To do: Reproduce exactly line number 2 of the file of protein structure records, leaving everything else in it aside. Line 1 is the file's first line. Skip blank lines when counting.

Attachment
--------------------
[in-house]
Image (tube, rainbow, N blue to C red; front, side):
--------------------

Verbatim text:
Image (tube, rainbow, N blue to C red; front, side):